CONTACT THE MUSEUM     

BECOME A FACEBOOK MEMBER 

 
  ERC > LEXICON OF THE YIDDISH THEATRE  >  VOLUME 5  >  BEN ZION MICHTAM


Lexicon of the Yiddish Theatre
BIOGRAPHIES OF THOSE WHO WERE ONCE INVOLVED IN THE Yiddish THEATRE;
aS FEATURED IN zALMEN zYLBERCWEIG'S  "lEKSIKON FUN YIDISHN TEATER"


VOLUME 5: THE KDOYSHIM (MARTYRS) EDITION, 1967, Mexico City

 


 

Ben Zion (Bentsye) Michtam
 

 


Born in 1908 in Vilna, Polish/Lithuania. He received a folk school education. He was an autodidact graphic artist. A member of the painterís group in "Young Vilna" and a co-worker in the puppet theatre "Meydim." He was also the project leader of puppets and decorations. According to Yechiel Bergenóhe occupied a significant and important position in the Vilna artistic family. He was killed in 1941 by those who searched for and grabbed Jews in the ghettos at the start of the German/Soviet war. This was in 1941 in Vilna before the Jews of Vilna were driven into the ghetto.

Sh. Kacerginski wrote:

Michtam was taken away in the days of the provocations at number 3 Strashun Steet, where he had resided for many years. From there he was transported to Ponar. His mother, who was in bed with an unhealed wound on her amputated foot, was also thrown onto a moving car and had the same ending as her son.

Michtamís brother, Dovid, a carpentry worker, was also captured by those who grabbed Jews, ending up in Ponar in 1941. His wife, Etta Miransky. survived.

Yosef Fray in a review about the "Meydim Theatre" wrote:

"Therefore the puppets of the artists B. Michtam, which were so beautifully executed, simple and impressive must not be forgotten." In 1937 M. painted the decorations for Jonas Turkowís presentation of Razumenís comedy "Motke Habad."

Herman Kruk in his diary from the Vilna Ghetto describes (25 July, 1942): "The evening undertaken by 'Young Vilna' was received with great success. Two hundred people were present. The evening was devoted to a display of drawings, pictures and reproductions from the painterís group. Among those whose work was on display was Bentzi Michtam and Rochel Sutzkever." And in the speech given by Kruk at the event, he commented on "Bentzi Michtam who displayed his work far and wide at shows in Warsaw and Paris and received positive attention for them."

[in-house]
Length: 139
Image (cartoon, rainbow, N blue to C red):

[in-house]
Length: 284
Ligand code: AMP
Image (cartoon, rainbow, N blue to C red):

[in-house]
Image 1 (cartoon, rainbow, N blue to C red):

Yosef Sandel wrote:

"Among the large masses of people in the Vilna population, Ben Zion Michtam was particularly admired. He was a graphic artist and self-taught. Everything he created was simple, rough and proletariat. His works looked like instruments that require verification in order to understand their functions. Michtamís graphic illustrations were picturesque and represented, as with many other young artists, a moment of exaltation."

Michtam also illustrated Moshe Levinís books and worked on projects and on book covers for other Yiddish books. He took part in the presentation of Jewish ceramicists in Vilna. He also had a show in Bialystok in 1939óon the occasion of the fiftieth anniversary of Yiddish ceramicists in Warsaw.

In the general presentation by Michtam, for the first time in 1940 in Vilna where he displayed five of his works, his were received with great enthusiasm for their realism. Michtam did not belong to those so-called artists who merely copied the other stylistic artists. His works were clear, free and prosaic.

His nature was mild, and it demands that he be understood. He was on the brink of achieving even higher artistic acceptance. Michtam was one of Hitlerís first human sacrifices. He was dragged out of his room on Strashun Street to to the Ponar forest where along with hundreds of other Jews he was shot."
 

Sh.E. from Yekhiel Burgin.

  • Joseph Frey -- Der vilner marionetn-teater "meydim," "Literarisher bleter," Warsaw, N' 25, 1935.

  • Joseph Sandel-- "Umgekumene yidishe kinstler," Warsaw, 1957, Vol. 2, pages 198.

  • Herman Kruk -- "Togbukh fun vilner geto," New York, 1961, pp. 319, 322, 324.

 

 

 


 

Home       |       Site Map       |      Exhibitions      |      About the Museum       |       Education      |      Contact Us       |       Links


Adapted from the original Yiddish text found within the  "Lexicon of the Yiddish Theatre" by Zalmen Zylbercweig, Volume 5, page 4339.

Translationm courtesy of Paul Azaroff.
 

Copyright ©  Museum of Family History.  All rights reserved.